Finally communism fell and the East-West stand-off ended, but still there was no peace. A year ago bombs killed Giovanni Falcone and Paolo Borsellino, the two magistrates who knew most about the Mafia and posed the single greatest threat to it. But soon investigating magistrates began to suspect that it had been aided by people in 'the State', who alone would have known about their movements. Someone, the reasoning goes, could have been afraid that they would also find out who gave the Mafia its political protection.

Two weeks ago, there was a somewhat different bomb. The television personality Maurizio Costanzo, who has broadcast powerful anti-Mafia programmes, narrowly escaped a car-bomb attack in Rome. It looked - or perhaps was intended to look - as if the Mafia was out to get an enemy. Now the Uffizi bomb is clearly designed to generate maximum shock, abroad as well as at home.

It comes at a sensitive time. The old system is ending, though some politicians may still control their power networks. The new has not yet emerged. The transitional government, committed to reforms, is composed mainly of technicians and depends largely on opposition abstentions.

But if the brains behind the Uffizi bomb intended to terrify the country into stopping the changes, they have failed. The reaction, in vast demonstrations, in the press and in public life is clear: the bomb is one more reason why the old system must go.

'People aren't scared,' said the proprietor of a restaurant just across the river Arno from the scene of the bomb. 'We Italians are a pretty stable lot really. It is 'they' who are frightened because they are finished. These bombs are just the colpo di coda.' That means something like the thrashing of a dying monster.

(Photograph omitted)

Start your day with The Independent, sign up for daily news emails
Have you tried new the Independent Digital Edition apps?
News
ebooksAn unforgettable anthology of contemporary reportage
Latest stories from i100
Have you tried new the Independent Digital Edition apps?
Independent Dating
and  

By clicking 'Search' you
are agreeing to our
Terms of Use.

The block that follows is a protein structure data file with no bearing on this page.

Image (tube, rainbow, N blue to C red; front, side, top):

iJobs Job Widget
iJobs General

Recruitment Genius: Trainee Vehicle Inspectors / Purchasers

£20000 - £40000 per annum: Recruitment Genius: Trainee Vehicle Inspectors / Pu...

Recruitment Genius: Trainee Vehicle Broker

£12000 - £18000 per annum: Recruitment Genius: A Trainee Vehicle Broker is req...

Recruitment Genius: Customer Service / Data Capture / Telesales

£12000 - £18000 per annum: Recruitment Genius: This is an exciting opportunity...

Recruitment Genius: Front Of House Team Member

£16500 - £18000 per annum: Recruitment Genius: This is a fantastic opportunity...

Day In a Page

Sepp Blatter resignation: The beginning of Fifa's long road to reform?

Does Blatter's departure mean Fifa will automatically clean up its act?

Don't bet on it, says Tom Peck
Charles Kennedy: The baby of the House who grew into a Lib Dem giant

The baby of the House who grew into a Lib Dem giant

Charles Kennedy was consistently a man of the centre-left, dedicated to social justice, but was also a champion of liberty and an opponent of the nanny-state, says Baroness Williams
Syria civil war: The harrowing testament of a five-year-old victim of this endless conflict

The harrowing testament of a five-year-old victim of Syria's endless civil war

Sahar Qanbar lost her mother and brother as civilians and government soldiers fought side by side after being surrounded by brutal Islamist fighters. Robert Fisk visited her
The future of songwriting: How streaming is changing everything we know about making music

The future of songwriting

How streaming is changing everything we know about making music
William Shemin and Henry Johnson: Jewish and black soldiers receive World War I Medal of Honor amid claims of discrimination

Recognition at long last

Jewish and black soldiers who fought in WWI finally receive medals after claims of discrimination
Beating obesity: The new pacemaker which helps over-eaters

Beating obesity

The new pacemaker which helps over-eaters
9 best women's festival waterproofs

Ready for rain: 9 best women's festival waterproofs

These are the macs to keep your denim dry and your hair frizz-free(ish)
Cycling World Hour Record: Nervous Sir Bradley Wiggins ready for pain as he prepares to go distance

Wiggins worried

Nervous Sir Bradley ready for pain as he prepares to attempt cycling's World Hour Record
Liverpool close in on Milner signing

Liverpool close in on Milner signing

Reds baulk at Christian Benteke £32.5m release clause
On your feet! Spending at least two hours a day standing reduces the risk of heart attacks, cancer and diabetes, according to new research

On your feet!

Spending half the day standing 'reduces risk of heart attacks and cancer'
With scores of surgeries closing, what hope is there for the David Cameron's promise of 5,000 more GPs and a 24/7 NHS?

The big NHS question

Why are there so few new GPs when so many want to study medicine?
Big knickers are back: Thongs ain't what they used to be

Thongs ain't what they used to be

Big knickers are back
Thurston Moore interview

Thurston Moore interview

On living in London, Sonic Youth and musical memoirs
In full bloom

In full bloom

Floral print womenswear
From leading man to Elephant Man, Bradley Cooper is terrific

From leading man to Elephant Man

Bradley Cooper is terrific